The winner of a record 45 grand tournament championships, Mongolian-born former yokozuna Hakuho has retired with unparalleled results inside the ring, while remaining a lightning rod for controversy within the sumo establishment.
A popular and dominant champion, Hakuho’s rough technique and deportment — deemed by some to be self-righteous — drew frequent criticism. When he finally said he would retire, the Japan Sumo Association racked its brains right up until the last moment in its effort to deal with him as a former wrestler.
Having continuously attracted both positive and negative attention, the star rikishi made waves once more with his exit from the ring, leaving the tradition-bound world of sumo in a predicament.
At Wednesday’s meeting of the JSA’s six-man panel that examines wrestlers’ qualifications to assume the professional name of a sumo elder, one of the members said of Hakuho, “He might repeat the kind of things he did during his career. Is this really going to be OK?”
Under normal circumstances there would be no questions about a former yokozuna remaining with the JSA and taking on a coaching role. The panel’s final recommendation to the board of directors on Thursday included the opinion that Hakuho not be permitted to operate his own stable for 10 years.
During Thursday’s meeting, the specter of retired stablemaster Takanohana was raised. The former yokozuna finally left the JSA in 2018 following years of publicly criticizing the association. At least one director said that a situation where Hakuho attacks the JSA must be avoided.
The directors settled on the extraordinary measure of requiring Hakuho sign a document pledging to obey the rules, upon which one attendee uttered the sentiment that the former yokozuna was “reaping what he sowed.”
Criticism of Hakuho began to intensify six years ago.
In January 2015, Hakuho broke the record for career championships but needed to fight the decisive bout to clinch the championship twice. The ringside judges ordered the first bout to be re-fought because of a rarely applied rule, even though Hakuho had touched down outside the ring after his Japanese opponent.
Angered by what he perceived as favoritism within the sumo world, Hakuho blasted the judges the following day in his post-championship news conference, saying of their decision, “Even a child could look at that and understand (who won).”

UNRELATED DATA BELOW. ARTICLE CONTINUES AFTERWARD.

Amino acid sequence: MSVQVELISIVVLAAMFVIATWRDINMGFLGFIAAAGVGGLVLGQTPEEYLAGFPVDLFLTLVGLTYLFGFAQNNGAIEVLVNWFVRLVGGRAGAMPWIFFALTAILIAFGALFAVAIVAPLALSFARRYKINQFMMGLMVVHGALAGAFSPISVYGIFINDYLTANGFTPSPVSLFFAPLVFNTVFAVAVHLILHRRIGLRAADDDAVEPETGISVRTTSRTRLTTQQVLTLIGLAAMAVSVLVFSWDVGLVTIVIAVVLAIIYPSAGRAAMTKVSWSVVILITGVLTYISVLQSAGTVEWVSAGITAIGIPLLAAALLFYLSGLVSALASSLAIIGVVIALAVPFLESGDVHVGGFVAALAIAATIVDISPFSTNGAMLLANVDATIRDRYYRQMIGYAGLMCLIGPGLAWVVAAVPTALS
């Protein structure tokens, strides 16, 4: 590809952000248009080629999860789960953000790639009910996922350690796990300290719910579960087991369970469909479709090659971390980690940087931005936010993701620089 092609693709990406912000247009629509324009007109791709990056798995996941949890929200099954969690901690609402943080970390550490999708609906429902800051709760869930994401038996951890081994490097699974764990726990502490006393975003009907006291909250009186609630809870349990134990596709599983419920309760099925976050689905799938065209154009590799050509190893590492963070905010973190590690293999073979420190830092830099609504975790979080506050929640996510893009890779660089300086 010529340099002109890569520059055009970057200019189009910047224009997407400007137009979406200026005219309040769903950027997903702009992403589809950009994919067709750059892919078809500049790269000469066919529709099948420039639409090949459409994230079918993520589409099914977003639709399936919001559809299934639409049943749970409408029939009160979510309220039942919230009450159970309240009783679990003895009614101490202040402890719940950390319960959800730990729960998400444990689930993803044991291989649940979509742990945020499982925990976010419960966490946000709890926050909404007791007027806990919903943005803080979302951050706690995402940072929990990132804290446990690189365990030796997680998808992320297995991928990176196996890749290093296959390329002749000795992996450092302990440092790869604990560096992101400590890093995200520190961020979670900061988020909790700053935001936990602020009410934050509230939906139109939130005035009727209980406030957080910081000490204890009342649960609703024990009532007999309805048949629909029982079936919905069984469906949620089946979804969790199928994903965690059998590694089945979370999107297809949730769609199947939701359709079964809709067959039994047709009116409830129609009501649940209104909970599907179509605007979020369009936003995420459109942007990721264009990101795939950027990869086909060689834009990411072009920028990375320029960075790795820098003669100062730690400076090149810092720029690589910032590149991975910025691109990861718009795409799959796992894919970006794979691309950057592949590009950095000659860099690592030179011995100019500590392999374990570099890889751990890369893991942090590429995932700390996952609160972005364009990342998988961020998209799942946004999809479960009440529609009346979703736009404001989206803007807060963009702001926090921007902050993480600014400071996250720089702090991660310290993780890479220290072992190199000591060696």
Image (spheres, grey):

In November 2017, as the sumo world was being rocked by the news that then-yokozuna Harumafuji had assaulted and injured a fellow wrestler prior to the Kyushu tourney while in Hakuho’s presence, the grand champion once more failed to predict how his deeds would be received.
After winning the tournament, Hakuho, oblivious to the larger picture, wrapped up his championship interview by calling for three cheers, a banzai sansho, in order to share his celebration with the fans in the arena.
It must have seemed to the association that this kind of questionable behavior would be a never-ending headache, and when word broke in April 2019 that Hakuho had applied for Japanese citizenship — a prerequisite to becoming a sumo elder — the siege lines began to appear around the yokozuna in anticipation of his retirement.
Another prerequisite is owning one of the finite shares of elder stock controlled by the JSA. Hakuho, however, sought to receive a share through a convention called ichidai toshiyori that the JSA had employed in the past to confer an automatic share to a few of its greatest champions.
But a month after the news of Hakuho’s citizenship pursuit broke, a meeting titled “experts to consider succession within sumo and its development” discussed Hakuho’s desire to make use of the ichidai toshiyori system and essentially closed that avenue to him.
This past April, the meeting’s chairman, Masayuki Yamauchi, a professor emeritus at the University of Tokyo, declared to a news conference that “no such system exists,” while the meeting’s final report included language condemning Hakuhos’s past behavior.
The meeting’s report was, according to one insider, a transparent attack on Hakuho. The former yokozuna has strong ties with the master of the Tomozuna stable, former sekiwake Kyokutenho, and other Mongolian-born elders, and it is possible that between them they could construct a future power bloc.
One senior elder called the meeting’s recommendation, “completely a Hakuho countermeasure,” warning him that he cannot do as he likes.
But regardless of how the battle over Hakuho’s future in sumo shapes up, his absence exacerbates issues for the sport within the ring.
A dominant yokozuna is the biggest drawing card the JSA can possess, and according to a source within the association, people began asking to cancel their tickets for last month’s tournament after Hakuho’s Miyagino stable was banned from competing due to coronavirus infections.
The newest yokozuna, Mongolian-born Terunofuji, has had surgeries on both knees that nearly ended his career. He turns 30 in November, so the chances are slim that he can be a long-term fan magnet like Hakuho, who reached yokozuna as a 22-year-old.
So while some within the JSA see Hakuho — now officially known as elder Magaki — as a danger within their ranks, one Yokozuna Deliberation Council member offered a gloomy forecast for the sport following the departure of its greatest-ever grand champion.
“In consideration of this, the association has to feel a real sense of crisis,” he said. “Sumo is approaching a winter era in which interest in the sport will disappear.”
Hironori Yano, the head of the council, said the question is who will be the next face of sumo.
“We don’t see (a next yokozuna hopeful). If there’s one thing we can all agree on, it’s our wish for a new hero.”
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